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Title:Disinfection of wastewater for reuse using microchannel plasma ozone generator
Author(s):Dong, Shengkun
Director of Research:Nguyen, Thanh H
Doctoral Committee Chair(s):Nguyen, Thanh H
Doctoral Committee Member(s):Marinas, Benito J; Plewa, Michael J; Guest, Jeremy S
Department / Program:Civil & Environmental Eng
Discipline:Environ Engr in Civil Engr
Degree Granting Institution:University of Illinois at Urbana-Champaign
Degree:Ph.D.
Genre:Dissertation
Subject(s):ozone
microchannel plasma
legionella
inactivation
kinetics
wastewater
life cycle assessment
quantitative microbial risk assessment
disability adjusted life years
chlorination
dechlorination
mammalian cell
cytotoxicity
Abstract:Waster reuse is increasing which alleviates pressure on water resources. However, successful reuse demands that the finished water be disinfected to prevent the spread of pathogens. One of the pathogens of potential public health concerns is Legionella pneumophila. This thesis investigated the performance of an energy efficient and compact microchannel plasma-based ozone generator to inactivate L. pneumophila for safer water reuse. Inactivation kinetics study quantified the inactivation. More than four Log10 of L. pneumophila inactivation was achieved within 1 minute at low energy consumption (< 0.022 kWh) by the microplasma ozonator, using only ambient air as the feedstock gas at a driving voltage of 120V. Contrary to previous studies, the CT (product of available disinfectant concentration and exposure duration) concept for wastewater disinfection using ozone appeared to be valid. A framework to derive wastewater-specific CT equations was therefore developed to predict ozone inactivation of L. pneumophila. Temperature was found to affect L. pneumophila inactivation only in the absence of wastewater organic matter (WOM). In the presence of WOM, inactivation was temperature-independent and controlled by the disinfection contact time, initial ozone concentration and initial WOM loading. An integrated life cycle assessment (LCA) and quantitative microbial risk assessment (QMRA) was used to compare microplasma ozonation versus chlorination to disinfect wastewater for landscape irrigational reuse. L. pneumophila, Giardia, and Cryptosporidium parvum were selected as the pathogens. Microplasma-based ozonation was significantly more competitive in environmental performance compared to chlorination for five of six impact categories, due to its low energy consumption and the high susceptibility of the pathogens to ozone. Across different electricity fuel sources in Florida, California, and Texas, the microplasma ozonation system consistently offset more disability adjusted life years values to provide greater human health protection as compared to the chlorination disinfection system. As such, from the point of view of reducing human health impact, the emerging microplasma ozonation technology is superior to chlorination (with dechlorination) for wastewater reuse disinfection. To reduce the overall human health impact, future design efforts should focus on a long hydraulic residence time (HRT) with low chlorine doses for the chlorination system, and a moderately high transferred ozone dose with long HRT for the microplasma ozonation system. In vitro mammalian cell cytotoxicity was evaluated before and after disinfection of two sources of wastewaters, using ozonation or chlorination. The swine farm wastewater was approximately 2000× more cytotoxic than the secondary effluent. Ozonation consistently reduced the mammalian cell cytotoxicity of the wastewaters by as much as 10×. Chlorination lowered the cytotoxicity only when followed by dechlorination. Based on mammalian cell cytotoxicity, secondary effluent is preferred for agricultural reuse over swine wastewater regardless of the disinfectants. Importantly, ozonation may hold the most promise in reducing the overall cytotoxicity of wastewater and this method may prove useful in agricultural reuse of wastewaters. The only significant correlation was observed between total haloacetonitriles and cytotoxicity in secondary effluent. Despite that the connection between reduced cytotoxicity and modification or reduction of certain compound(s) is not clear, regulated DBPs may not be the leading forcing agents. To summarize, the results from these studies demonstrated the promise of using the microchannel plasma-based ozonation technology as a sustainable and effective means for water reuse disinfection.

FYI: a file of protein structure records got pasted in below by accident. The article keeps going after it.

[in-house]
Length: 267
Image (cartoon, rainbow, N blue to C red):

Issue Date:2016-08-31
Type:Thesis
URI:http://hdl.handle.net/2142/95451
Rights Information:Copyright 2016 Shengkun Dong
Date Available in IDEALS:2017-03-01
Date Deposited:2016-12


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